Japan Tsunami

Fear of Nuclear Leak in Japan

M Reyaz BeyondHeadlines

Greenpeace – an International Non-Governmental Environment Organization is worried about the possible leak of hazardous radioactive elements from nuclear plants in Japan, due to earthquake and Tsunami that rocked Japan yesterday.

In a statement released it  said, “Greenpeace is deeply concerned about the potential safety and environmental impacts of both the earthquake and tsunami on Japanese nuclear installations, as well as other hazardous industries such as chemical or oil
refineries.”

As condolences and aides are pouring from across the world, experts are also worried that hazardous leak would increase the suffering of the people, who have the rare distinction of witnessing atomic explosion at the end of the Second World War.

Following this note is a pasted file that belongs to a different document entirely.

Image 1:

Meanwhile a blast took place at the Fukushima plant No 1. However, Ian Hore-Lacy, of nuclear industry body the World Nuclear Association, told Reuters: “it is obviously an hydrogen explosion … due to hydrogen igniting. If the hydrogen has ignited, then it is gone.  It doesn’t pose any further threat. As far as we know there is no particular danger from radiation leaks. There may be, but we don’t know that. There is no reason to suppose that there must be because of that.”

Latest report, however, suggests that there has been small amount of cesium leak.  Experts are cautioning though that chances of hazardous leak is slim.

Although many nuclear plants were automatically switched off when quake rocked Japan, large amount of coolant is required to immediately cool highly reactive byproducts. Meanwhile, United States have extended support and delivered nuclear coolant to help Japan contain the situation.

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